NEW YORK, NY - OCTOBER 01: Mariano Rivera #42 of the New York Yankees throws a pitch against the Detroit Tigers in the ninth inning during Game One of the American League Division Series at Yankee Stadium on October 1, 2011 in the Bronx borough of New York City. The Yankees defeated the Tigers 9-3. (Photo by Patrick McDermott/Getty Images)
Well, it’s one, two, three strikes you’re out, at the old ballgame. With their acquisition of Aroldis Chapman, from the Cincinnati Reds, the New York Yankees, already with Andrew Miller and Dellin Betances in tow, sport the most lethal bullpen trio in the sport. Only three relievers topped 100 strikeouts in 2015 and they now reside in the back of the Yankee bullpen. The trio combined for 347 Ks and a 1.70 ERA across 212 2/3 frames. On paper, this may stand to be the best combination of relievers, when it comes to velocity and stuff.
How do they measure up? Let’s take a look at some nasty bullpen combos in Yankee history.
Mariano Rivera, Jeff Nelson, Mike Stanton (1997-2000):
I’d be remiss if I didn’t mention the importance of Ramiro Mendoza with these three but Mo, Nellie and Stanton nailed down the big outs on three straight World Series winners. During that stretch, Rivera notched 160 saves, leading the AL with 45 in 1999, while finishing third in Cy Young Award voting. The side-arming Nelson was tough on right-handed batters, fanning 222 across 219 frames. Plus, the lefty Stanton was also a workhorse, during that time frame, Stanton appeared in 273 games and whiffed 273.
Yes the two were teammates in 1995 and the 1996 bullpen featured a lot of talented specialists but this was the duo that season. Wetteland was an All-Star and saved an AL best 43 contests. With four saves against the Atlanta Braves, Wetteland was named World Series MVP. Rivera was the Yanks best weapon that season, finishing third in AL Cy Young Award voting. The “Sandman” worked a lot of tough two-inning outings and struck out 130 batters across 107 2/3 innings.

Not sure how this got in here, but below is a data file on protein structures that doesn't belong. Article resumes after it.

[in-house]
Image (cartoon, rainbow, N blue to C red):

“From Cy Young to sayonara in one year.” The famous Graig Nettles quote could apply to Miller but hopefully not yet, if past is prologue. While Lyle won the 1977 AL Cy Young, the Yankees would bring Gossage aboard in 1978. While Goose struggled early, he was still an AL All-Star, leading the league with 27 saves and 55 games finished. Gossage also 122 batters in 134.1 innings. Gossage tossed six flawless frames against the Los Angeles Dodgers in the Fall Classic. From the left side, Lyle went 9-3 and tossed 111 2/3 innings.
Mariano Rivera, Tom “Flash” Gordon, Paul Quantrill (2004):
While I’m loathe to reference anything from 2004, “QuanGorMo” coupled with a potent offense, bridged the Yankees to the postseason. Of course they were exhausted by the time they reached the playoffs (perhaps a lesson for the currently constructed staff) but they were outstanding. Mo was an All-Star, finishing third in AL Cy Young Award voting and ninth in AL MVP voting. Mo also set career highs with 74 games, 69 games finished and 53 saves. Gordon was also an AL All-Star, appearing in 80 games, going 9-4 with a 2.21 ERA and 96 Ks. Quantrill appeared in a league high 86 contests, posting a ledger of 7-3 with a 4.72 ERA.
Although the two were teammates from 2008-2013, the 2011 campaign stands out the most. That season the 41-year-old Rivera was an AL All-Star, finishing eighth in AL Cy Young voting, posting a 1.91 ERA and 44 saves. Meanwhle, “Houdini” was also an AL All-Star, finishing eleventh in AL Cy Young voting. Robertson posted a ledger of 4-0 with a career best 1.08 ERA, fanning a career high 100 batters, across 66 2/3 frames.